Writing Letters of Recommendation
Are you the right recommender? When the person
wanting to be recommended contacts you, do the following:
- Discuss whether you would be an appropriate person to supply the
recommendation. You should do this in as neutral but friendly way as
possible. See items "No" and "Yes" for tactics if you
think those labels are the answers to the question.
Often a request for a recommendation is made without
considering if the individual's letter would be effective. A common
mistake is asking someone too junior: assistant professors should not
make recommendations for tenure; usually theorists should not
recommend experimentalists, and vice versa; the recommender should be
known to at least one of the persons who will be making a judgement
based on the recommendation.
If you don't qualify as an effective
referee, explain why and counsel the individual in finding
If you can't write a positive letter? Try to escape being a references.
topics in the paragraph above may provide a way out.
Avoid telling the individual that you can't write a positive
letter. After all, your negative opinion may be based on incomplete
information. No one needs to be turned down roughly.
Do not promise you will write a letter with no intention
of doing so. This will only hurt both you and the individual in
- Yes. To assure your letter will be effective, find out who will
read your letter and read bullet below:
- Secure information you need to write an effective letter. Often
the official request for the letter (for example, in the case of a
tenure decision) will not provide all the information you need.
Ask the individual to send you the follow:
Vita. This should include a complete education and employment
history; concise descriptions of research achievement and plans; any
awards, honors or fellowship; if relevant, a description of teaching
and course development; if relevant, any service on college or national
committees; and other contributions such as editing journals.
List of publications. This should include complete titles, full
list of authors of each paper, and should distinguish between refereed
and unrefereed publications (i.e., most conferences papers).
Publications. Have the individual send you some current papers
and, in the case of tenure and award letters, papers of which the
individual is especially proud.
Who will read the letter? A tenure letter will be read by
every member of the department - those who know you and, more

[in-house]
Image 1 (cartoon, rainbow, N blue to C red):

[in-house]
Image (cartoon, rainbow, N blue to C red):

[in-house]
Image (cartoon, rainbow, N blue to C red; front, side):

importantly, those who don't. You must structure the letter so that it
makes arguments that anyone, even a dean or provost, can understand. It
should have the four items discussed below.
- Introduction. Explain in what way(s) you know the individual. Use
effective `short stories' that bring individual alive for readers of
- Answer the questions! If the letters asked specific questions,
answer them if you can. The trickiest question to answer is to to
rank the individual against others of similar qualifications. The best
institutions will give you a specific list. This question also tests
you; for example, if you don't know some of the persons on the list it
implies you are not an expert. You may need to do homework on the other
names. Generally a safe form of answer is one that explains the strong
points of the various named individuals.
- Evidence for your arguments. Don't say the individual's
work is outstanding; cite specific achievements in direct language,
understandable at the provost level.
- Conclusion. Finally summarize the positive arguments for
recommending the candidate for an assistant professorship, tenure or an
Beware weak endings. End the letter with the conclusion
above. Avoid writing some sentence at the end that mentions even a
potential weakness. It will be read as a warning that the real message
of the letter is: don't appoint, don't tenure or don't award.
Your letter is probably not confidential. Assume your
letter will be read by the person being recommended. Accordingly,
simply omit discussion of weak points; the omissions will be noted.
For the dangers of letter writing, see
Why you can't trust letters of
To cite this page:
Writing Letters of Recommendation
Edited by: firstname.lastname@example.org on